Personalities. Movers & shakers.

Imagine stepping back in time and meeting the Jewish heroes responsible for making Jewish history. Those central figures may no longer be physically with us, but you can feel their impact and influence in every site you explore.
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Rabbi Yosef Mammon c. 1741-1822

Many, although not all, commentators portray Rabbi Yosef Mammon (often spelled Maimon or variations thereof) as a “savior of the Bukharan Jews” and as perhaps the most influential individual in their long history. It was a long and winding journey that eventually brought Mammon to Central Asia. A descendant of the great Rabbi Moses Ben Maimonides (the Rambam), Mammon was born in Morocco. His father was a prominent rabbi, a prosperous jeweler, and a senior advisor to Moroccan royalty who was killed during political unrest. This led Mammon to move to Tsfat in the Land of Israel. The Jewish community in Israel had many difficulties at the time and Mammon, with his powerful connections, was quickly sent abroad to raise funds for the Holy Land. He went first to the Jews of Baghdad, then to the Bombay community, before making his way through Iran. It was there that he heard of a Jewish community that he believed needed rather than could provide help, namely the Jews of Bukhara. Accompanied by an interpreter familiar with Persian dialects, he arrived in the city of Bukhara around 1793.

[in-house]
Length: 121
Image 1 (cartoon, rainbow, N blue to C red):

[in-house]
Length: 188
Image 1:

He was not pleased with what he found. According to many sources, Bukharan Jews were at this time isolated from the rest of the Jewish world. The size of the community had dropped to around 5,000 and was concentrated in only one location, the city of Bukhara. Most commentators suggest that local Jews were increasingly ignorant and careless of Jewish law and lacked access to even basic Jewish texts. Others suggest that this picture of decline is overstated and that what most concerned Rabbi Mammon was that Bukharan Jews continued to hold tight to their own ancient Persian-based Jewish customs and religious authorities rather than to the ways found in Morocco and throughout much of the Sephardi Jewish world.